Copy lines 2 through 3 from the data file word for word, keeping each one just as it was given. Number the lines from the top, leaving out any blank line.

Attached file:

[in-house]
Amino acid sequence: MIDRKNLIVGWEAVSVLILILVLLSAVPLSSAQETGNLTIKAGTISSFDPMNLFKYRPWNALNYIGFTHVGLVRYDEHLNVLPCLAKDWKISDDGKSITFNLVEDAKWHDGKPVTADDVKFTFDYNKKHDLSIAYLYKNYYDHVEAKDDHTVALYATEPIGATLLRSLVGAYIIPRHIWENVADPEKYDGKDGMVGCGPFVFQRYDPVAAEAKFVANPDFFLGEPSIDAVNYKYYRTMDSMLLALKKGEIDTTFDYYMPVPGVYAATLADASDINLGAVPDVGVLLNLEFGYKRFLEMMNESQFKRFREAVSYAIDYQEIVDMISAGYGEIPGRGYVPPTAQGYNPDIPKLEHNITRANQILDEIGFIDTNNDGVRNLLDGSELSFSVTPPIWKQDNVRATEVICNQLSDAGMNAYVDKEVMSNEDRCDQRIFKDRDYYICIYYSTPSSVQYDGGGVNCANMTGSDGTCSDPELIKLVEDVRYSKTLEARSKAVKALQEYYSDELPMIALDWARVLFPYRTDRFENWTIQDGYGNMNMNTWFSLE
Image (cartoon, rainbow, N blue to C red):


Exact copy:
Amino acid sequence: MIDRKNLIVGWEAVSVLILILVLLSAVPLSSAQETGNLTIKAGTISSFDPMNLFKYRPWNALNYIGFTHVGLVRYDEHLNVLPCLAKDWKISDDGKSITFNLVEDAKWHDGKPVTADDVKFTFDYNKKHDLSIAYLYKNYYDHVEAKDDHTVALYATEPIGATLLRSLVGAYIIPRHIWENVADPEKYDGKDGMVGCGPFVFQRYDPVAAEAKFVANPDFFLGEPSIDAVNYKYYRTMDSMLLALKKGEIDTTFDYYMPVPGVYAATLADASDINLGAVPDVGVLLNLEFGYKRFLEMMNESQFKRFREAVSYAIDYQEIVDMISAGYGEIPGRGYVPPTAQGYNPDIPKLEHNITRANQILDEIGFIDTNNDGVRNLLDGSELSFSVTPPIWKQDNVRATEVICNQLSDAGMNAYVDKEVMSNEDRCDQRIFKDRDYYICIYYSTPSSVQYDGGGVNCANMTGSDGTCSDPELIKLVEDVRYSKTLEARSKAVKALQEYYSDELPMIALDWARVLFPYRTDRFENWTIQDGYGNMNMNTWFSLE
Image (cartoon, rainbow, N blue to C red):